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Childhood friends S. (Slimane Benouari) and Lotfi (Lyès Salem) travel through the Algerian desert looking for Abou Leila, a dangerous terrorist on the run in Abou Leila.Thala Films

Most film festivals adapted to a virtual environment over the past year. But the Toronto Arab Film Festival was born in it, moulded by it. Its first edition was held last July, after the first lockdown. This year, organizers are better prepared for the second edition, taking place at the end of May.

The festival is put on by Toronto Arab Film (TAF), a non-profit organization started in 2017 to bring films from and about the Arab world to audiences in the city. For the first three years, TAF focused on its Layali El Cinema initiative, programming year-round screenings of Arab films. The next objective was to launch its Mahrajan – an annual film festival – in March, 2020, but the pandemic disrupted that plan.

“We were working on it for three years,” says Rolla Tahir, TAF’s co-founder and artistic director. “So we decided to just go ahead with it. Obviously the shift happened very fast and nobody quite knew what the best way to go about holding a festival online was.”

The main issue TAF faced was that many film distributors had concerns about piracy when it came to showing their movies online. Tahir says ultimately 85 per cent of the films originally selected were shown during the festival.

“Our expectations were honestly low, and we were surprised at how many people tuned in,” she says. “It was helpful that the films were available globally. So we had audiences from outside Canada tuning in as well.”

Although buoyed by the success of the debut edition of the festival, Tahir says the organizers knew this year might prove just as challenging.

“We planned for a virtual festival, with a physical festival being the contingency plan,” she says.

That meant partnering with the Images Festival, an event dedicated to experimental film, to upgrade their equipment and shifting from Vimeo Livestream to Eventive, a streaming platform specifically designed for a virtual cinema experience. However, no amount of technological transformation within a film festival would matter if the filmmakers involved weren’t submitting new works during a pandemic.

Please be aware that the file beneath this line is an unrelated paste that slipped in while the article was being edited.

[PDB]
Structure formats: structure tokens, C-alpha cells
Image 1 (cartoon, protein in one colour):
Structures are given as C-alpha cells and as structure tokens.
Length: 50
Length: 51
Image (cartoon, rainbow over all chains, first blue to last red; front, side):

“We thought it was going to be challenging [to get submissions], but it wasn’t. People were making movies, and very creatively too,” says Tahir.

The festival lineup has three feature-length films and 17 shorts; it is supplemented by two workshops and a panel discussion on speculative storytelling in Arab cinema.

“We got the same number of submissions as last year,” says Tahir, though she notes many of the themes of the 2021 entries reflect the global upheaval brought about by the pandemic. “Some of the short films, for example, deal with themes like isolation and distancing.”

This year saw an increase in short-film submissions from Canada as well as submissions of feature films in general. Tahir hopes that next year’s festival will showcase Canadian feature films for the first time.

But until then, audiences at this year’s edition can enjoy Amin Sidi-Boumédiène’s debut feature, Abou Leila, a genre-blending thriller set during the Algerian Civil War, which premiered at Cannes Critics’ Week.

The workshops during the festival are part of TAF’s Shabaka initiative, which supports emerging Arab talents through networking and training opportunities.

This year’s festival will see films from Sudan, Syria, Saudi Arabia, Lebanon, Tunisia, Morocco, Algeria, Qatar, the United States, Belgium, France, Egypt and Canada.

Tahir says that while TAF is keen to expose broader Toronto, and Canadian, audiences to Arab cinema, there is a reason why organizers are working hard to attract the Arab diaspora as well.

“There is a celebratory aspect that is lost when a lot of immigrants come here. Something to relish in your culture, celebrate it ... and exist in a different way than how you normally see yourself represented in the media.”

The Toronto Arab Film Festival runs from May 27 to May 30 (

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